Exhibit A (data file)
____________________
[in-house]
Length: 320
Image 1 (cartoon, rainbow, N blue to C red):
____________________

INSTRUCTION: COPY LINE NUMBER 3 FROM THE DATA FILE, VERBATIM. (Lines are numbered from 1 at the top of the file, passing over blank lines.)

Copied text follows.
Image 1 (cartoon, rainbow, N blue to C red):